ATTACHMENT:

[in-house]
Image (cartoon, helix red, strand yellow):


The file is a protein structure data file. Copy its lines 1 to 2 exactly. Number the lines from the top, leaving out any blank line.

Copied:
[in-house]
Image (cartoon, helix red, strand yellow):